With gluttonous non-smokers pushing U.S. healthcare costs higher, it may be time to re-think banning smoking in restaurants
By Edwina Zaiser
Weight Watchers says,”Diets don’t work.” So what does?
Fashion models, college students and the French all know that you can subsist on coffee and cigarettes and stay a svelte size two. Remember the delightfully catty book French Women Don’t Get Fat, in which the author attributes the enviable Gallic slimness to high quality fresh foods lacking preservatives? As someone who has lived in Europe, I suspect their en forme figures are owed to alternating puffs of unfiltered Gauloises and sips of café au lait between nibbles of their fois gras-slathered baguettes.
Not only have researchers confirmed the thermogenic and appetite-control properties of nicotine, but they also have proved that nicotine’s appetite suppression effects are amplified by caffeine. Smoking increases metabolism and burns about 200 calories per day… Two hundred calories is approximately 30 minutes on the stair climber, everyday, for doing absolutely nothing except regularly ducking out of the office for smoke breaks/office gossip sessions. In addition, smoking also reduces olfactory and taste acuity, so that decadently delightful chocolate peanut butter pie with whipped cream just isn’t as tempting to tar-dulled taste buds.
Americans meanwhile have graduated from a minor and relatively inexpensive vice like smoking to a more costly Deadly Sin – gluttony.
Obesity has supplanted smoking as America’s most critical health care danger. Thanks to government sin taxes on tobacco products, smoking bans in public places and general public censure, habitual smokers have been replaced by compulsive overeaters.
The Centers for Disease Control estimates that between 1978 and 1990, smoking cessation was responsible for about one-quarter (2.3 of 9.6 percentage points) of the increase in overweight men and for about one-sixth (1.3 of 8.0 percentage points) of the increase in women. The National Health and Nutrition Survey conducted between 1999-2002 asserts that obesity would rise if smoking were eradicated. Additionally, the study documents the consistent weight gain correlation between decreases in smoking and increases in obesity. And the program of Northwestern Health Sciences University lists the decline in smoking as one of the causes of Americans’ expanding waistlines.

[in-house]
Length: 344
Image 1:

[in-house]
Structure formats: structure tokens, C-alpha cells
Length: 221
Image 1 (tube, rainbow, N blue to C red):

Rand Corp. researchers discovered that in the treatment of chronic diseases, the obese spend considerably more on health care expenditures than daily smokers, heavy drinkers and the poor. The study found that obese individuals spend 36% more on health care than the general population whereas smokers spend 21% more. Sixty-seven percent of obese persons suffer from chronic health conditions as opposed to 25% of normal-weighted smokers. Since 23% of Americans are obese and 36% are overweight, it is not only the costliest health condition, but it affects the greatest proportion of the population.